What information can be accessed before an adoption?

Texas residents who are interested in adopting a child may benefit from learning more about the preparation required for successfully completing the process. Unless the adoptive parent is a stepparent, grandparent or uncle or aunt through prior adoption, marriage or birth, there must be a report detailing the child’s genetic, education, social and health history. The responsibility of compiling the report lies with the state’s Department of Protective and Regulatory Services, the licensed agency placing the child for adoption or the child’s guardian.

The history report must be filed before the child is placed for adoption. The report should contain any information about emotional, physical or sexual abuse the child may have experienced in the past. The entity putting the child up for adoption is required to issue the report to prospective parents within a reasonable amount of time before the adoptive parents are to meet with the child.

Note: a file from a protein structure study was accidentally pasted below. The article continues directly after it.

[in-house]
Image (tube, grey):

The report issued to prospective parents may be edited as a means to protect the identities of the birth parents and their family members. The adoptive parents also have the right to any psychiatric or psychological information about the child that may be pertinent. Prospective parents also have the right to examine the records or any information provided about the child’s past. The identity of the birth parents may be disclosed at the request of the adoptive parent or guardian or by the adopted child after they reach adulthood.

Those who need more information about how to prepare for an adoption may benefit from consulting a family law attorney who has experience in these matters. Legal counsel may be able to help a client gather the necessary documentation and help ensure that the process is completed properly.

Source: Texas constitution and statutes, “CHAPTER 162. ADOPTION“, December 30, 2014